Combatants For Peace (CFP) is dedicated to “building a just and peaceful society from the ground-up, through egalitarian community building, grassroots organizing & joint nonviolent civil resistance.” They are a group of ex-combatants who fought on both sides of the Israeli Palestinian Conflict. In spite of their past experiences, they came together with a tremendous leap of faith to meet each other, listen to each others’ stories and ultimately work together for peace. They previously served as officers in the military. Some were arrested for their activities and sent to jail. These combatants had to go through a process of transformation in order to see themselves as partners and not as enemies.
Gili Getz was born in Israel and raised by parents who emigrated from the Soviet Union during the time of the Iron Curtain. As a first generation Sabra, he understood the fears and importance of safety and a Jewish State.
Gili says his political identity was shaped by his coming of age when Yitzhak Rabin was running for Prime Minister of Israel with the hope of peace and resolution to the Israeli Palestinian Conflict. During the Oslo Accords, he was a military photographer, documenting the conflict He had a front row seat to the Occupation, witnessing bus bombings in Israel as well as oppression of Palestinians. He said he didn’t fully understand the system of the Occupation at the time even though he saw it and experienced it.
Gili was introduced to CFP as a member of a delegation for the Center for Jewish Nonviolence, a coalition that included Israeli, Jewish, Palestinian and international peace activists from five organizations. At that time, CFP was helping to launch the Samud Freedom Camp, a direct nonviolent action and civil disobedience to mark the 50th anniversary of the Occupation. This was an elaborate action to reclaim a home for a Palestinian family that was expelled from their home in Area C, over the Green Line.
CFP also helped create the joint Israeli Palestinian Memorial Ceremony, held on one of Israel’s most sacred days, Yom Ha Zikaron (Day of Remembrance). This ceremony is now seen annually by more than a million people. For Gili it is an “embodiment of my fantasy of hope.”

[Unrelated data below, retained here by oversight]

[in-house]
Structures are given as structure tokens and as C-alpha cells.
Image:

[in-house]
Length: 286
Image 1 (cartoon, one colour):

In 2016, the film Disturbing the Peace brought the Occupation issue to international consciousness. The film continues to present opportunities to learn about the conflict from both sides and invites activists into communities to engage in dialogue among people with varied views. The activists share their personal transformation, how they changed their perspective and engaged in the process of learning a different narrative and experience than their own. The greatest challenge for these activists is speaking with their families and communities about why they are engaging with “the enemy.”
When Gili moved to America he engaged with organizations that supported peace efforts through a progressive pro-Israel lens. He was looking for a joint vision of peace. CFP’s focus on direct action appealed to him. Gili joined the Board of American Friends of CFP.
CFP addresses the fears and pains of both societies and works on imagining a different reality. The organization does not gloss over or minimize the imbalance of power. They understand the imbalance of the Occupied and Occupier, and yet attempt to build a joint movement of two equal partners. The effort, says Gili, is unique and fragile.
CFP has created a bi-national theatre group, Theatre of the Oppressed, that uses the power dynamics of the two sides to explore the different roles they play in the land. They switch roles and use theatre as a tool to safely experience the reality of the other. This ultimately creates a dialogue between the actors and the audience creating the opportunity for personal and political transformation. By participating, they get to know one another. It opens the political imagination of what is possible.
On July 12th, CFP will hold its first Joint Nakba Ceremony. This is an opportunity for Israelis to be educated and understand the Palestinian reality. The Palestinians mourn the Disaster of 1948 where many lost their homes and way of life. Nakba for the Palestinians is still ongoing. CFP aims to challenge the system by creating a joint ceremony where they recognize and support the Palestinian national narrative.
CFP started as former combatants and now has expanded to include everyday people with different backgrounds. The Board of American Friends for CFP is currently 50% Palestinian and 50% Jewish. They are challenged to make sure there is an equal partnership between the two sides, despite the uneven power dynamic on the ground. Every job and every committee in the organization includes representation from both sides. CFP culture maintains that if it can’t be done together, it can’t be done.
The day-to-day activism continues. Freedom for both people is a long road and CFP comes to this model with a great deal of difficulty and many questions. Committees, dialogue and political action support their work. Recently, the Israeli military has agreed to stop home invasions for intelligence that works to intimidate the Palestinians. Gili says it is a hopeful sign.
Jews and Arabs are building a grassroots movement to model a political partnership to advance joint interests. That movement has grown tremendously. People are starting to get used to the idea of a joint political effort that it is attracting more participation. Gili says, working together is the only way. There is no other way for peace. Non-violence has become a way of life. It is not just a resistance technique.
“Combatants for Peace envisions a future of peace, equality and freedom,
with self-determination for both Palestinians and Israelis.” To learn more and support the work of CFP, go to their website, https://afcfp.org/. Sign up for the mailing list, follow them on social media and join their events, https://afcfp.org/events/.